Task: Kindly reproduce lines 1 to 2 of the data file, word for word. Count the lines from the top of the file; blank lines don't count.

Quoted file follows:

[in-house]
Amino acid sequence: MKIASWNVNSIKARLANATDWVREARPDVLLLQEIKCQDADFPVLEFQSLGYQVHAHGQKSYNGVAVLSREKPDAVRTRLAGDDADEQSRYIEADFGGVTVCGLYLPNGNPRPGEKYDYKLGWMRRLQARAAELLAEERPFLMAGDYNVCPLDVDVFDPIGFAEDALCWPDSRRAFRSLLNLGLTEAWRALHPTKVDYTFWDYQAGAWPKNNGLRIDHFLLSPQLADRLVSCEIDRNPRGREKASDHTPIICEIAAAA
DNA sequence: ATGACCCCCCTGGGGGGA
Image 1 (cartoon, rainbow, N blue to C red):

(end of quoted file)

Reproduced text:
[in-house]
Amino acid sequence: MKIASWNVNSIKARLANATDWVREARPDVLLLQEIKCQDADFPVLEFQSLGYQVHAHGQKSYNGVAVLSREKPDAVRTRLAGDDADEQSRYIEADFGGVTVCGLYLPNGNPRPGEKYDYKLGWMRRLQARAAELLAEERPFLMAGDYNVCPLDVDVFDPIGFAEDALCWPDSRRAFRSLLNLGLTEAWRALHPTKVDYTFWDYQAGAWPKNNGLRIDHFLLSPQLADRLVSCEIDRNPRGREKASDHTPIICEIAAAA